June 13: US bishops' meeting on priorities and plans, Indianapolis
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June 14-16: Bishops' Spring General Meeting, Indianapolis
June 17: 2:30 p.m., Confirmation, St. Elizabeth Parish, Oakland
7 p.m., Confirmation, St. Raymond Parish, Dublin
June 18: 11 a.m., Confirmation, St. Margaret Mary, Oakland
June 20: College of Consultors, Chancery
Priests Personnel Board, Chancery
June 21: Catholic Charities quarterly meeting
June 22: 11 a.m., Catholic Television Network board meeting, St. Patrick's Seminary, Menlo Park
4 p.m., diocesan Executive Finance Committee, Chancery
June 23: Presbyteral Council
7 p.m., Confirmation, St. Felicitas Parish, San Leandro
June 24: 10 a.m., Confirmation, St. Peter Martyr Parish, Pittsburg
June 25-July 5: International Conference on Jewish-Catholic Relations, Pontifical Biblical Institute, Jerusalem
Stephen M. Pitts, SJ
Sean M. Salai, SJ
Two of four Jesuits of the USA Central and Southern Province were to be ordained to the priesthood on June 10, in New Orleans.
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Stephen M. Pitts, SJ, 33, will reside in the Oakland diocese when he returns to the Jesuit School of Theology of Santa Clara University in Berkeley. He was born in New Orleans and grew up in Memphis. He was graduated with bachelor's degrees in mathematics and computer science from the University of Oklahoma, and entered the Society of Jesus in 2006. He earned a master's degree in philosophy at Loyola University Chicago before spending three years teaching mathematics at Jesuit College Preparatory School of Dallas. He earned a master of divinity degree at the JST in Berkeley. He will spend six weeks in Chiapas, Mexico, this summer doing pastoral work and field research at a Jesuit-sponsored cooperative, and will return to the JST to complete a master's degree of theology in social ethics while he finishes a master of science in International and Development Economics at the University of San Francisco.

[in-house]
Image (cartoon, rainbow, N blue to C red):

Sean M. Salai, SJ, 37, worked as a chaplain at San Quentin State Prison and served as deacon at St. Isidore Parish in Danville while studying at the JST. He grew up in Indiana and attended Wabash College, where he served as the editor of the college news magazine and entered the Catholic Church. He earned a bachelor's degree in history, then worked as a reporter at the Washington Times. He has written for The Catholic Voice. He worked briefly for the Boca Raton News before entering the Society of Jesus in 2005. He graduated with a master's degree in applied philosophy from Loyola University Chicago, and later with a Master of Divinity degree at the JST. Father Salai will be assigned as associate pastor to Our Lady of Guadalupe Catholic Church in San Antonio.
He will offer a Mass of Thanksgiving at St. Isidore the Farmer Parish, 440 La Gonda Way, Danville at 4 p.m. June 24.
Pope, president hope for peace